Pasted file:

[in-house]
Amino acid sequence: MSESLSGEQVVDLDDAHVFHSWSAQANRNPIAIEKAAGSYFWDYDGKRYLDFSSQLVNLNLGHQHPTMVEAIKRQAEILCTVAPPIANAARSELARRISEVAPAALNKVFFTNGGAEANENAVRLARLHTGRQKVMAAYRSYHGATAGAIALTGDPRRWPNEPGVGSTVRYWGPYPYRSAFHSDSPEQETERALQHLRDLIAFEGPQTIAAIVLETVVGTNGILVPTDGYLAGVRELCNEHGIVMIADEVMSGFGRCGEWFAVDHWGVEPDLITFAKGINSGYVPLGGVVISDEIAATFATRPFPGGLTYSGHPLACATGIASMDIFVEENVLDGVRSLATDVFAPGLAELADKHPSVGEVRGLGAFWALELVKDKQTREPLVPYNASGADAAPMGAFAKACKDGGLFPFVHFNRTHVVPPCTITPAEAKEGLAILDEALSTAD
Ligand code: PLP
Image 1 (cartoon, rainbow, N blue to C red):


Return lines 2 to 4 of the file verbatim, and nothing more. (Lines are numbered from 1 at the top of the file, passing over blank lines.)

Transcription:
Amino acid sequence: MSESLSGEQVVDLDDAHVFHSWSAQANRNPIAIEKAAGSYFWDYDGKRYLDFSSQLVNLNLGHQHPTMVEAIKRQAEILCTVAPPIANAARSELARRISEVAPAALNKVFFTNGGAEANENAVRLARLHTGRQKVMAAYRSYHGATAGAIALTGDPRRWPNEPGVGSTVRYWGPYPYRSAFHSDSPEQETERALQHLRDLIAFEGPQTIAAIVLETVVGTNGILVPTDGYLAGVRELCNEHGIVMIADEVMSGFGRCGEWFAVDHWGVEPDLITFAKGINSGYVPLGGVVISDEIAATFATRPFPGGLTYSGHPLACATGIASMDIFVEENVLDGVRSLATDVFAPGLAELADKHPSVGEVRGLGAFWALELVKDKQTREPLVPYNASGADAAPMGAFAKACKDGGLFPFVHFNRTHVVPPCTITPAEAKEGLAILDEALSTAD
Ligand code: PLP
Image 1 (cartoon, rainbow, N blue to C red):